RV PRO

May '17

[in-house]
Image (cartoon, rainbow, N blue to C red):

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70 • RV PRO • May 2017 rv-pro.com B U S I N E S S The Art of the Credit Interview Collecting key customer details related to proof of income, payment history and any outstanding judgments can make all of the difference in terms of whether a customer's RV purchase gets financed or not. By Jan Kelly Jan Kelly is the president of Vancouver, Wash.-based Kelly Enterprises. She is an educator and consultant, convention speaker and writes frequently for industry publications. Recently, Kelly has joined the Newcoast Financial Services team. For information about Newcoast Financial Services, educational venues or joining an F&I 20 Group, call 800- 336-4275 or visit www.JLKelly.com. Success in closing a deal is enhanced when the finance manager can see the customers during the first visit, when they are in write-up process. That's especially true any time the credit bureau shows any areas of concern, or when the sales manager has a need for clarity regarding a customer's credit profile. D ealer Track certainly changed how sales and finance departments approached consumer credit over the years. Most of the current managers in the industr y cannot remember anything except the Dealer Track process. Prior to electronics, the customers had to complete a lengthy customer statement, also known as a customer credit application. This document might very well predate the credit scoring system we all seem to rely upon. Consumer credit is far more complex than a simple number on a credit scorecard. The credit score does not consider of the amount of the cus- tomer's net worth. I have heard pushback from current managers telling me that they would not disclose that information on a credit application, so why should their customers do so? To them I say this: "Your customer is asking the lender for a loan for a luxury item that costs more than $100,000. Would you loan the customer an amount of more than $100,000 knowing only their name, Social Security number, and credit score?" If the answer is any- thing but no, they need to rethink the answer. Lenders want to feel secure in the knowledge that the customer has the resources to repay the loan. The lenders rely not only on credit his- tory, but also upon the character and stability of the customer.

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